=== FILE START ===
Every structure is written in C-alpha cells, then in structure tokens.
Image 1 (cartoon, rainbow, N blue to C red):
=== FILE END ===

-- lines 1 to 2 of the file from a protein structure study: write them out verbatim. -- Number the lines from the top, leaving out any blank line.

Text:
Every structure is written in C-alpha cells, then in structure tokens.
Image 1 (cartoon, rainbow, N blue to C red):